The assumption was that Florida fixed these perversities. That new legislation had banished strip-mall oxy peddlers. That we were done with pill mills.
Wayne Douthett knows better. “It’s been going on for three, four years. It’s still going on,” said Douthett, manager of Music Arts Enterprise on Davie Boulevard in Fort Lauderdale. Chasing oxy addicts away from the music store has become a part of his job description.
They line up early at the front entrance of Professional Pain Management Clinic, throngs of them in the mornings, waiting for the storefront clinic to open. “Especially Fridays,” Douthett said. Some Fridays, he said, so many show up that their cars fill the strip parking lot and they drive over to hijack spaces at his music store. He described them as people not apt to make his own customers feel comfortable. “I grew up in the Bronx,” said Douthett, 58. “My wife has been a Miami city cop for 25 years. I do music therapy at a drug rehab. I know what I’m seeing.”
But this Friday, there’s not so many over there. Maybe it’s the rain. Maybe it’s the protesters from STOPP — Stop The Organized Pill Pushers — in their red T-shirts and “Stop the Pill Mills” signs marching along the sidewalk outside the pain clinic keeping the junkies away.
Only about five patients waited at the entrance, with a demeanor that was a peculiar amalgamation of urgent nervousness and broken-down languor. Not threatening. Not unfriendly. But not folks you’d hire as a babysitter.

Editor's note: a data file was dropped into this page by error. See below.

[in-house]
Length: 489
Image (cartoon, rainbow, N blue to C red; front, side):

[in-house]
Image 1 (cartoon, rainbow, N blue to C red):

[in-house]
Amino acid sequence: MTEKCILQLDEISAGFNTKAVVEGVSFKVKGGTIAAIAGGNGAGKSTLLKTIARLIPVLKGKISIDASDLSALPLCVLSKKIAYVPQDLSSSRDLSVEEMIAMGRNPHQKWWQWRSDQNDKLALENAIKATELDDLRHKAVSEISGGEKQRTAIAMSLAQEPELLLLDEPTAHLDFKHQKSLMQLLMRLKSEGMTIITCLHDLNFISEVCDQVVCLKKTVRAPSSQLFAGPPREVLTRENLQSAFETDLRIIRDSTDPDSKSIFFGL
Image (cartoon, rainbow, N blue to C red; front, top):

“I wouldn’t hire them to babysit my dog,” said a shop owner a few doors down.
She said it has long been obvious to the merchants renting space in this old plaza that Professional Pain Management was not some ordinary medical clinic.
Douthett said that it was as obvious as the armed guard they occasionally post at the doorway to manage their unruly patients.
On Friday, one of the patients wandered over to chat with the demonstrators, telling them that he was a Vietnam vet with a damaged gut and that the VA has refused to help him cope with his perpetual pain. He pulled up his black T-shirt to reveal a long scar down his belly. “I’m an addict,” he said.
There was no arguing that.
Back in 2009 and 2010 and 2011, these protests were commonplace, led by parents who had lost children to oxy overdoses. They blamed Florida’s proliferation of barely regulated pain clinics. By 2011, the 900 pill mills in Florida accounted for 89 percent of all the oxy sold in the nation, most of it peddled from walk-in, cash-only, no-insurance clinics that dispensed pills right from the premises. And most of those were in South Florida.
These retail opiate outlets attracted a bizarre influx of oxy tourism from states with more sensible regulations. So many overdose fatalities in Kentucky, Ohio, West Virginia and Tennessee were traced back to Broward and Palm Beach pain clinics that elected officials in those states begged Florida to crack down on its unfettered pill trade.
Meanwhile, we were racking up plenty of our own ODs. Florida suffered 1,185 oxycodone fatalities in 2009 and 1,516 in 2010. But the death toll fell back to 1,247 in 2011, after the Legislature was finally embarrassed into passing laws to rein in pill mills. With the new legislation, this stuff was supposed to be ending.
Not hardly. “We’ve just taken baby steps,” admitted state Sen. Mike Fasano of New Port Richey. Fasano said it had taken him and a few stubborn colleagues nearly a decade just to get legislation passed stopping these clinics from doubling as pharmacies and peddling their pills on site. And a new law passed in 2009 finally barred convicted felons from operating pain clinics.